What is Block Rewards? A Beginner’s Guide



Blockchain, as the name suggests is made up of chains of various blocks of information and data. The data in the blocks are encrypted and are required to be validated for the transaction to be completed. That validation uses computation power to solve the mathematical problems to facilitate the file transfer of encrypted data. This validation process requires powerful computations and thus energy. Which means that the validation process is not for free. To support the validators the concept of block rewards is introduced.

What are Block Rewards?

Block rewards are the crypto rewards to block validators to keep the process financially viable. The block validation process also introduces new tokens into the network as crypto rewards. This is equivalent to the mining of precious metals in the physical world. That is why the validators are sometimes also called “Miners”.

Read more: How To Build A Crypto Mining Rig

How Does Block Rewards Work?

Block rewards mainly consist of two components. They are-

  1. Block Subsidy: These are new tokens introduced to the network and awarded to the miners. This constitutes the majority portion of block rewards.
  2. Transaction Fees: Some fees are paid by the users to get their transactions validated. The fees are given to the validators.

Each crypto has its unique validation process and reward system. Bitcoin for example started with the reward of 50 BTCs as a block reward which is halved every 4 years. This keeps the network deflationary. This reduces the supply-demand ratio, pushing the prices up.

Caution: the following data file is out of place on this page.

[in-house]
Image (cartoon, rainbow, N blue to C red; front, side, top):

Mechanism Behind Block Rewards

Numerous blockchains that rely on crypto mining and block rewards, such as Bitcoin, Litecoin, Dogecoin, Bitcoin Cash, and Ethereum Classic, typically utilise a Proof-of-Work (PoW) consensus mechanism.

In PoW blockchains, transactions are generally validated and verified by complete and partial nodes. After verification, they are added to a queue. Mining nodes then select transactions, compile them into a candidate block, and mine it. Each node mines the solution to the block it has proposed.

Miners solve a cryptographic puzzle to add their block to the blockchain and create a new one. The solution to the puzzle, a hexadecimal number, serves as proof that work was done to verify transactions and is incorporated into the new block. The first miner to solve the problem receives the block reward.

Block Rewards in Different Cryptos

Bitcoin (BTC)

Bitcoin’s mining algorithm utilises the Secure Hash Algorithm 256 (SHA256), a cryptographic hash function that accepts any data as input and generates a fixed-size output. This output serves as a cryptographic fingerprint for the block’s data.

Litecoin (LTC)

Litecoin is a fork from Bitcoin with more resistance to application-specific integrated circuits (ASICs), which makes it more efficient to mine. People with cheaper machines can effectively mine the rewards. 

Read more: What is Litecoin (LTC)

Dogecoin (Doge)

Dogecoin runs on Scrypt PoW and DigiShield mining algorithms to adjust the mining difficulties of each block.

Read more: What is Dogecoin (DOGE)


In conclusion, block rewards are essential incentives for validators in blockchain networks, ensuring financial viability and introducing new tokens. Each crypto has its unique validation process and reward system. Popular PoW blockchains like Bitcoin, Litecoin, and Dogecoin utilise cryptographic puzzles to validate transactions and distribute block rewards, fostering network security and growth.

Read more: Proof of Work vs Proof of Stake

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